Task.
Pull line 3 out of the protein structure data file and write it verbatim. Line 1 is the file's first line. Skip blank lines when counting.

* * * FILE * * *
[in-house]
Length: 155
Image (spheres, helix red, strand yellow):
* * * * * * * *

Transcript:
Image (spheres, helix red, strand yellow):